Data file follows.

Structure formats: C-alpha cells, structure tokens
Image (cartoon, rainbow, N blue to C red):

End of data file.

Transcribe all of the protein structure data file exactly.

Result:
Structure formats: C-alpha cells, structure tokens
Image (cartoon, rainbow, N blue to C red):